When it comes to discussions about the “greatest American horror directors of all time”, Don Coscarelli’s name is one that doesn’t appear too often. A Libyan/American filmmaker, Don Coscarelli Directed his first feature length film – Jim The World’s Greatest released in 1975 – at the young age of 19. To this day he has only Directed 11 films, 7 of which were of the horror genre, and an episode of the Masters Of Horror TV series. However, what makes Don Coscarelli’s career stand out amongst others, is the fact that on paper, in terms of critical and fan reception, Don Coscarelli hasn’t made a bad film. Each different type of film that he’s made has received very good reviews, if not, critical acclaim from 1975 to 2016. However, Don Coscarelli mainly reserves himself as an Independant filmmaker, and as such does not share the same vast and varied career as his contemporaries such as John Carpenter, Wes Craven, Tobe Hooper, and Sam Raimi.
However, his work is always fondly remembered by his fans, and out of all the films that he’s made, there’s always been one long running series that his fans continue to flood back to: the Phantasm series. The original Phantasm was finished in 1979 and over the period of 27 years, four sequels were produced, each with very long gaps between them. Over the years, the Phantasm series picked up a dedicated fanbase called the ‘Phans’ who enjoy each movie that is released and help give the Phantasm series it’s cult classic status. But my question is: is that cult status warranted, or is the Phantasm series an overhyped series who’s flaws are severely overlooked.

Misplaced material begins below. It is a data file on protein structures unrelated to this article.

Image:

The first Phantasm was made when Don Coscarelli was 25. It was a low-budget independant feature made on $300,000, and it managed to rake in a highly successful $12 million at the box office. It was Don Coscarelli’s first foray into the horror genre after his childhood love of horror films, and it was his third movie overall. However, as much as this movie was successful, it took a while for the movie to gain it’s cult status. Unlike films like The Evil Dead, there was no ‘major event’ that pushed Phantasm into the public consciousness. A dedicated viewership, ongoing positive reviews and scholarly analysis’ of the movie pushed it onto the radar of future horror fans, and the creation of sequel after sequel only affirmed it’s cult status and success.
But is it as good as it’s made out to be?